After a truly abortive online deal with a casual mob in NSW, we were running out of time, but PC Case Gear in the Melbourne area were a great help - informative and helpful on the 'phone as well as prompt to ship the package.

Paradoxically we were not buying a case from PC Case Gear, since I had an old but fancy clear-sided case that suited, as well as other bits and pieces (keyboard, mouse, etc) I'd been given over the years. But on their advice we did get a decent PSU - an Antec High Current Gamer 520, which may be overkill, but we might end up adding a monster graphics card or cards to this system eventually - as well as overclocking it.Old PSUs have a habit of dying, and I did not want to risk killing the system that way.
On advice from other users of the A10 6800K (and a few benchamrking sites too) we went for the fastest available DDR3 RAM we could afford - 2400 MHz G. Skill Ripjaws X 8GB.

The SSD was bought in a batch from the UK with this project (and others) in mind, a bargain-priced 60GB Kingston V-series.A 7200 rpm 1TB Seagate Barracuda and a Samsung SH-224DB DVDRW completed the kit.
The build was straightforward, and it fired up first time.
The UEFI BIOS thing is colourful, but without the need for Microsoft rubbish, the secure boot was not enabled. RAM speed was set to 2400, and the boot sequence was tinkered with.
Then we installed Bodhi Linux 2.4 (32-bit) to the SSD, with some swap and a data partition on the Seagate HDD.
O M G . . . this thing boots in 6 seconds, without any attempt at optimisation at all! W00t! Posted Image
It shuts down in less than 2 seconds, so a complete shut down and reboot to login takes around 8 seconds. Amazing.

We did have a hiccup when getting Team Fortress 2 running under Steam....
We were using the standard Mesa driver but the error (an S3Graphics Texture requirement) was cleared somewhat obscurely by installing Jockey-GTK, attempting to use the 'Upates' proprietary driver offered, which failed, and then rebooting..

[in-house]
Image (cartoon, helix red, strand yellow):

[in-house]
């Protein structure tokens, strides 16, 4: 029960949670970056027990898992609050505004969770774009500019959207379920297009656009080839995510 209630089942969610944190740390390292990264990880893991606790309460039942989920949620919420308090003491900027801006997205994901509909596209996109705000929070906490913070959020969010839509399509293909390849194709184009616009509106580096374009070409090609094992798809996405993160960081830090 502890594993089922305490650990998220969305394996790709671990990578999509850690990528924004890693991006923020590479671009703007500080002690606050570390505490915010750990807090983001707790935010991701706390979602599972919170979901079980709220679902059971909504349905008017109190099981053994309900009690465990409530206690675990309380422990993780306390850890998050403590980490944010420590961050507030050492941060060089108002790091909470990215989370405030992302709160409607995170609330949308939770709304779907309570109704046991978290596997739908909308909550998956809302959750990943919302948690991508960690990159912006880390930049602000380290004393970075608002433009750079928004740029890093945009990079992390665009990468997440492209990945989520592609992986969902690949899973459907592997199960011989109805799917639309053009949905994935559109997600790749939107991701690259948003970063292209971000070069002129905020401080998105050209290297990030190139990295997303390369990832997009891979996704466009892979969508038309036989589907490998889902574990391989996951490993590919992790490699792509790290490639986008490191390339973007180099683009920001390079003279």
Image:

It -seems- that the failed driver installation had added enough critical files to the slew of ATI/AMD video driver packages installed. Perhaps someone can correct me on that?

Long story short, it runs TF2 and many other more intensive games smooth as smoke - everything we have tried so far has gone well.

Bodhi was chosen for being the least likely to slow down the gaming engines in a Linux context, and we believe this has worked exceptionally well. A complete collection of Humble Bundle Linux games is on the data drive and we are working our way through installing them - some need a startup script to get them going - and some of the older favourites (such as Angry Birds) are being addressed in Wine.

The young owner is discovering wonders such as Liquid War from the Linux games library, and altogether we are more than happy with the result!
Came to AU$620 in the end. Not bad value for a new build (with some old bits). Once again, Bodhi Linux Just Worked, out of the box. ATI/AMD drivers are a minefield right now, but we took that risk knowingly, and it seems to have paid off.
Dual booting with Steam OS is planned for the future - we have a 600GB partition waiting for it on the Seagate. AMD will be sorting out their ATI drivers for Steam OS Linux PDQ, I reckon.Posted Image


#78358 Offcial statement and installation manual of program Linux schools [Spanish...

Posted by Flymo on 19 December 2013 - 12:50 PM

Belated rough translation, please forgive my errors....

Dear comrades :

You will surely have noticed on the film billboards these days that there is a Spiderman reboot . So why restart this story? As explained by one of the creatives involved in this :

"Appropriately referred to as " retroactive continuity" - when developers look back and review aspects of a story that has a previously established continuity. For example, cartoons are a unique medium that have been around for a long time, under the supervision of different creative people. Thus, the team of writers and artists who created Superman in the 30s have different ideas and sensitivities to those of the 50 's, 80 ' , 90's and so on."

"Constant change can make characters stay fresh as long as the characters are relevant and connected to the generation of the time.